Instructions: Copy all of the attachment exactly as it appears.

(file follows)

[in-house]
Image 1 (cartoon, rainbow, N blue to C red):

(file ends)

[in-house]
Image 1 (cartoon, rainbow, N blue to C red):